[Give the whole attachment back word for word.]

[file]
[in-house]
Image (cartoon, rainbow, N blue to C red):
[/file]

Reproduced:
[in-house]
Image (cartoon, rainbow, N blue to C red):